Sara Gaynor – Photographer
You’re the person responsible for setting up the excellent White Wall Gallery at the White Lion: what inspired that?
I went into the pub last summer and got talking to Sergio about art and his love of culture etc, I then mentioned that I was an artist and exhibit work at times. I asked him whether he thought it would be a good idea to support and indeed exhibit local artists’ work on the walls of the pub to create a warm and locally embracing atmosphere, he agreed and his exact words were, when are you starting this project? Yesterday? We hit it off from then on and have worked really well together since then.
The main idea for the gallery set up was to try and give local artists a chance to show their work on the walls of non-traditional settings – communal spaces that everybody can enjoy/ponder etc. Art galleries at times can be daunting spaces for some people whereas a bar/communal space can be more inviting at times.
Your photography is often quite haunting, quite timeless. How would you describe your work?
I have always had strong visual memories from a very young age, playing in nature and running away into my own imagination. As a child I obsessively looked through my grandparents’ photo albums, photographs then and now give me a real sense of mystery about the lives of the people I am looking at, they are much more than a photo to me but an inner dialogue is often being caught. When I photograph, I often get caught into what I would call a ‘zone’ – it’s like being hypnotised at a moment in time by visual space, time and feelings and then capturing this. I have a real love of the unknown, mysterious, spiritual and darker sides to life and I am very interested in human emotions, which in many ways comes through in some of my work. I also have a real emotional connection and love for nature – its timelessness and its importance to our well-being as humans, hence my activism around environmentalism.
I would describe my work as fine art – both conceptual and narrative. I am greatly inspired by films/Film makers, lesser known photographers, classical painters and nature ie. David Lynch, Lynne Ramsay, Stanley Kubrick, Elliott Erwin, Wynne Bullock, Sally Mann, Nan Goldin, Ansel Adams, Goya, Rubens, William Blake etc.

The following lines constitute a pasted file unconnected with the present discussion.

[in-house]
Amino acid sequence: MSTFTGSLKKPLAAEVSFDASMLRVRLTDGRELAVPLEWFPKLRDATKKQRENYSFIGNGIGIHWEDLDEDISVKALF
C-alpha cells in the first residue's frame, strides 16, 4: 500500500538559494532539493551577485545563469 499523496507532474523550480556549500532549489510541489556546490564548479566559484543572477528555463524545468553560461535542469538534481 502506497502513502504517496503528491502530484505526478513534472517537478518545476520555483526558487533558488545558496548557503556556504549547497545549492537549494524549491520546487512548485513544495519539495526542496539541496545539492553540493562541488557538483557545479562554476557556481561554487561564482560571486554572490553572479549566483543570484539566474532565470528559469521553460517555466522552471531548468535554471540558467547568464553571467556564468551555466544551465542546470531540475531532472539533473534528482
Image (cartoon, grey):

How has Beeston influenced you?
I was born at home, alone with my Mum, in a house in Beeston. My family have lived in Beeston since around the late 1800s and were orginally of Irish descent on my Dad’s side. I grew up and went to primary school in the 70s at what was then, Beeston Manor School on Church Street. Beeston in many ways then, felt like a village/small town. I had a great time at school here and loved growing up learning about such things as May Day – dancing around the May Pole and being allowed to run around the school fields in nature. I think that time in education was great in that it let teachers experiment more and have fun..70s and 80s teachers definitely inspired me in many ways.
I moved abroad to Copenhagen for some time in the late 80s but decided to come back to where my roots were and study at Nottingham Uni as a mature student.
Tell us a bit about how you got into photography /art?
My background is in teaching, social policy and working with homeless, excluded people. I was made redundant after the cuts to FE in 2010. I decided to take some time out to reconsider what path I really wanted to take. I made a life changing decision one Sunday afternoon, it was a snapshot decision.. I loved photographs, I loved taking them so, either back to some temporary teaching, or a whole new path into studying photography. I followed my heart and chose the latter and have never, ever looked back. It’s been a fabulous journey!
That’s a difficult one because there have been so many good times for me as a photographer. I would say being selected for varied exhibitions has been brilliant and I have met wonderful people in the art world. I love the idea and practise of creating a body of work that your heart and soul has gone into, it’s a roller coaster ride but really worth the tears! Being called and asked to teach local people because they love your work has been really humbling but great fun too. 2 highs that I guess are also high up there
- Travelling to Uppsala in Sweden for the Uppsala Photo Festival was a great experience, meeting international photographers was a real inspiration, much fun and I have always loved Sweden and the Scandi way of life.
- Being asked by a man with Parkinson’s Disease, the lovely Tim Andrews, to photograph him towards his ongoing photographic art project, ‘Over The Hill’, was a really humbling, if not inspiring experience. I will never forget this and we hope to work together again in the future
Plans for future?
Many plans for the future – I am very much an idea’s led person. I am working on a
n ongoing series of photographic work called ‘Emotional Response to Environment and Space’ – my responses to created, manipulated and natural spaces. I am also an associate member of Backlit gallery in Nottingham which in many ways, gives me further impetus for future happenings within an artistic community in the city. I am also starting to research elements of Bromley House Library in the aim of photographing narrative styled/solargraphy work at the library, I will be exhibiting the finalised work at the Library in their 200th year – next year. I will also be exhibiting at the ABC art trail in May 2015.
My big future plan is to get over to Iceland and spend a month or so in an artist residency and really throw myself into the landscape over there! After that, who knows!
You can find more from Sara at saragaynorphotography.weebly.com